Some people think that social network website Twitter is all about sycophants fawning over celebrities like Stephen Fry, while the self-obsessed drone on about what they had for lunch. And, to an extent, they're right. But to limit your understanding of this microblogging phenomenon would be missing a massive opportunity especially if you're a printer.

For Twitter is actually an international platform where nearly 200m users have a multitude of conversations across a massive range of topics every single day. Whatever your trade, it is likely that somewhere on the website there will be potential and existing customers, as well as a wealth of information about your market all of which you can get access to for free. No wonder then, that a host of print companies are already on board. The problem, however, is that while the website is a potential gold mine for those who know how to use it, for those who don't it's a possible disaster.

For the uninitiated, Twitter ( was launched in the US in 2006. It enables users to post messages, or 'tweets', of up to 140 characters to the website as a whole, to their followers only, or to specific people through the '@' symbol. Unless a profile is set to private, you can follow anyone you like, and providing you are not set to private, anyone can follow you. This means your tweets appear on followers' 'news feed' and followers' tweets appear on your's. It's estimated the website's users post 140m tweets every day.

Now it's personal

"There are many different types of conversation happening, not just the celebrity stuff, but also business conversations across a wide range of people and industries," says Oc Business Services marketing manager Darian Simms.

Capitalising on these conversations for sales, endorsements, brand building and market and trends insight has quickly become the focus of many print companies. An added factor in getting involved has also been the kudos that comes from "doing social media", with brands hoping to seem 'with it' by signing up.

The latter raises a laugh from those print companies that have been on Twitter for some time. Rik Penny, director at Wiltshire printer RipeDigital, joined in 2009 in a personal, not business, capacity, having been tipped off about the website from friends in the IT industry. He says that far from being with it, many printers only succeed in showing themselves up by failing to grasp what Twitter is about and he believes the first mistake is to choose a corporate, rather than personal, identity.

"My account is personal," he explains. "It is me that people get to know, that people follow, that they interact with. This is where some printers are going wrong; users of Twitter want a personal connection, they don't want faceless interaction."

Jim Cunliffe, business development manager at print broker FaceMediaGroup and another early adopter, agrees but says that this doesn't stop you using an identity that still shows what you have to offer. While Penny uses his own name, @rik1p, Cunliffe has adopted the moniker @flyerboy_uk, which lets everyone know what he is offering without having to use the company name. He says Twitter is a lot more accepting of pseudonyms of this ilk than company names.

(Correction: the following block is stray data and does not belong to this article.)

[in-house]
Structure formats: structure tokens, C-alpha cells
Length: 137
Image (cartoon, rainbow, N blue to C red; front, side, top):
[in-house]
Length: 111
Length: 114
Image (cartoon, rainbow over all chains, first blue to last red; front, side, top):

If this is the case, then the likes of EFI, HP, Canon, Arjowiggins, Manroland, even this very publication, and many more print companies using their brand name for their Twitter accounts are possibly showing themselves up. However, Deimante Buivyte, marketing manager at Manroland, argues that putting too much weight on the importance of a username is foolish.

"There are pros and cons to both the corporate and the personal approach," she explains. "However, the issue is less about the 'identity' of the account holder and more about the content and the manner of the delivery. If the Twitter account does carry a corporate identity, it will over time develop a character based on the person or people feeding the account, so personality will eventually shine through, regardless of the username."

It's a good point: whether you can see yourself having a chat with Manroland_AG rather than rik1p probably would depend on the personality, i.e. content, of each's Twitter feed, but here lies another issue Cunliffe and Penny have identified from the new print companies hopping on board: they just don't understand what they should be tweeting.

"The trouble with a lot of the printers is that they use Twitter as a sales channel, just tweeting promotions constantly rather than engaging in any real way," says Penny. "If you are just pushing sales messages, they won't follow you. 'Social networking' ought to be exactly that: interaction in a social way."

Cunliffe adds: "With the big companies, they are invariably paying some agency to sit there and bleat out sales rubbish they just don't get it. I could be in the garage on my way home at 11pm and I'll tweet asking what colour flowers to get my wife and I'll get responses offering an opinion. I'm engaging people, and off the back of that they will remember me. That's how to get your brand out there on Twitter."

Social etiquette

A quick look at the feeds of some of the companies attracting Cunliffe and Penny's ire and you can see their point reams of sales pitches make for unattractive reading. Cunliffe believes they are playing a numbers game stick a promotion out to 40,000 people and you're likely to get a bite. But sporadic and untargeted sales pitches offering bland promotions is as ineffective as old style blanket DM campaigns. Manroland's Buivyte says the problem is that the 'social' element of social media can be problematic for larger companies and so sales pitches are perhaps an easy option.

"The 'social' in social media presents an interesting challenge for corporates how corporate or social should a company be